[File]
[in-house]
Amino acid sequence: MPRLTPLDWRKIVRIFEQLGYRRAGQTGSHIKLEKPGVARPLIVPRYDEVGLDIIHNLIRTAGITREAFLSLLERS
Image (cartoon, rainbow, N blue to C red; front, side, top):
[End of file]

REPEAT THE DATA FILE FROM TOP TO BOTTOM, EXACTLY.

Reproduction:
[in-house]
Amino acid sequence: MPRLTPLDWRKIVRIFEQLGYRRAGQTGSHIKLEKPGVARPLIVPRYDEVGLDIIHNLIRTAGITREAFLSLLERS
Image (cartoon, rainbow, N blue to C red; front, side, top):